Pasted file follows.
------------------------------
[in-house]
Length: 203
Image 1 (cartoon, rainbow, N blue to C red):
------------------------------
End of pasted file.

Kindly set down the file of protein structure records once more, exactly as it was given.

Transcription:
[in-house]
Length: 203
Image 1 (cartoon, rainbow, N blue to C red):